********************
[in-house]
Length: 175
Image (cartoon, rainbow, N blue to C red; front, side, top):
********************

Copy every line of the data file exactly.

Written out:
[in-house]
Length: 175
Image (cartoon, rainbow, N blue to C red; front, side, top):